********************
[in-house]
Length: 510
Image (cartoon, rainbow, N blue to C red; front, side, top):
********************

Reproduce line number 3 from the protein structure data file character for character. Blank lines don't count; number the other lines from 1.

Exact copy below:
Image (cartoon, rainbow, N blue to C red; front, side, top):